Natural wear and tear of composite doors are inevitable, and as a result, so is staining. Thankfully it’s not something you need to worry about, as there is a simple, quick fix.
Your composite door may be suffering from weather stains or even have muddy paw prints or dirty handprints in places. All you need to do is grab a clean cloth and mix a mild detergent with water to clean your door. If the stain proves to be stubborn, you may need to use something stronger and safe on composite doors to clean the stain.
Composite doors with stainless steel furniture or glazing trims can sometimes see tea staining. This is often confused for corrosion or rust; however, it is caused by a build-up of oxidised surface contaminants on stainless steel. You usually notice it on doors with knockers. Regularly cleaning any stainless steel elements on a composite door will reduce the likely hood of tea staining.
Worn weather seals or gaskets
Over time, the weather seals added to your composite door, designed to keep water from leaking into the home, can become dislodged. You need to check that the weather seals are correctly positioned on the door track regularly, and if not, you need to push the seal firmly back into the grooves in the track to prevent damage when opening/closing the door.
Blocked drainage holes
Like most exterior doors, composite doors come with a built-in drainage system that consists of slots and holes in the bottom of the door’s thresholds. These ensure any excess water runs off and stays outside the home. Once or twice a year, it’s recommended to check the drainage holes and remove any dirt.
Flush them with water to check if they’re working properly and if you’re still struggling, you can use a thin screwdriver to get those hard-to-reach places. If you find that there’s water pooling between the two gaskets/weather seals in your threshold, this is the most likely culprit!
Why choose a composite door for your home?
First impressions of your home count, and if you want to make sure your home’s exterior says all the right things, upgrading to a composite door is a perfect choice.
Composite doors are a smart and advanced choice for your home. At Apeer, our composite doors come with many colour choices with the most popular being Pink, Grey, Black, and Green. If you can’t find your desired shade, we can also colour match your door!
Is a composite door a good idea?
After reading through this, you may be left wondering if a composite door is a good idea. All the issues listed above are rare, and you’ll have noticed that they all are common door problems and not just composite door problems.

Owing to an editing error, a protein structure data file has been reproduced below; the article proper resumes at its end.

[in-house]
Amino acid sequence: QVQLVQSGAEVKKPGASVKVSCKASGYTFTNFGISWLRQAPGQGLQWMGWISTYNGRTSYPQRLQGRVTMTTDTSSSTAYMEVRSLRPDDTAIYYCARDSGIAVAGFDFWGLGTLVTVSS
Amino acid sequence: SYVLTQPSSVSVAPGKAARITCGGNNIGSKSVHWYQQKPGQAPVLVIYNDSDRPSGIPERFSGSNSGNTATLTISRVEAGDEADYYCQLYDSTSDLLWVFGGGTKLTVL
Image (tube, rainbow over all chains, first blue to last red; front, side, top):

What are the advantages of having a composite door?
Composite doors have transformed the door industry thanks to their benefits and how well they transform the look of homes. If you need more convincing, here are a few advantages to installing a composite door:
- Built to last – The materials used in a composite door make them highly durable.
- Improves home security – At Apeer, security is a top priority, and every door comes with a multi-point locking system as well as a super-strong, high-density polyutherane core that far exceeds all police-approved security standards. Our doors are also as intruder-proof as they come!
- Versatile with many colour options – One of the common downsides of a uPVC door is that the look is uniform, you aren’t going to stand out amongst the other houses in your area with uPVC doors. There are far fewer design options compared to composite doors. Our door builder lets you bring your dream door to life!
- Resistance to fading and damage – By carrying out basic maintenance from time to time on your composite door, you will keep it looking as new as the day you had it installed!
- Weatherproof and watertight – Our double-sealed rebate makes our composite doors virtually airtight by creating an internal secondary seal.
- Energy-efficient – Along with a 70mm super-strong, high-insulating core, glass elements on our doors are triple glazed for extra insulation, and we offer an additional gas-filling service to further improve thermal performance.
Building your ideal composite door
At Apeer, our composite doors are fully customisable to meet your needs. If you have any questions or queries about buying a composite door, you can get in touch with us directly, and we will be happy to take you through a consultation!
We've got your back. and your front.
Our doors are chosen by homeowners who appreciate exceptional craftsmanship, timeless elegance and built-to-last quality. They quickly discover that all this good stuff means plenty more.